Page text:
Archaeological evidence substantiates many Scriptural accounts. To quote Millar Burrows of Yale. "...archaeological work has unquestionably strengthened confidence in the reliability of the scriptural record. More than one archaeologist has found his respect for the scripture increased by the experience of excavation in Palestine." Nelson Glueck, reformed Jewish scholar notes: "It is worth emphasizing that in all this work no archaeological discovery has ever controverted a single, properly understood Scriptural statement." What follows are example a just a few of the previously controversial claims that the scripture had made and have been proven since.
Iconium and Lyconium
Archaeological discoveries have proved the accuracy of scripture accounts that had long been considered inaccurate by scholars who had insufficient information. Because of Luke's detailed descriptions of historical events, some of his writings -- and thus the credibility of the entire New Testament -- had been in dispute for over a century by scripture scholars who didn't believe the details supplied by Luke were accurate. scripture scholars thought that Luke's writings were a fraud, written in the second century by someone who didn't know the history or geography of the time. For example, in Acts 14:6, Luke relates that Paul and Barnabas fled from Iconium to the cities of Lyconium. scripture scholars had believed that Iconium was located in the province of Lyconium -- thus the statement made no sense. It would be like saying someone fled from Miami to Florida. An inscription was later found that proved that when Paul and Barnabas fled from Iconium, the city was part of the province of Phrygia, proving Luke's writing was correct.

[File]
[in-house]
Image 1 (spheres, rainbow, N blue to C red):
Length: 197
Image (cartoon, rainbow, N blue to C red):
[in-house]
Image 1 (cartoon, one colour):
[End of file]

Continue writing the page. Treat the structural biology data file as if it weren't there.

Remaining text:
Scripture critics also believed that the circumstances of Jesus' birth were concocted to fulfill the prophecy in Micah that states the Messiah was to be born in Bethlehem. They doubted that there had been a census (Luke 2:1-3) which caused Joseph and Mary to travel to Bethlehem. A Roman edict was later discovered in Egypt, which stated: "The enrollment by household being at hand, it is necessary to notify all who for any cause soever are outside of their administrative districts that they return at once to their homes to carry out the customary enrollment..." Other discovered documents confirmed that this census was taken every fourteen years. Luke had stated that Quirinius was the Governor of Syria at the time of Jesus' birth, however secular records showed that Saturninus was the governor at that time. An inscription was later found in Antioch which showed that Quirinius indeed was governor of Syria at the time.